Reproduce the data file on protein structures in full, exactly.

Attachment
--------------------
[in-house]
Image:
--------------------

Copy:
[in-house]
Image: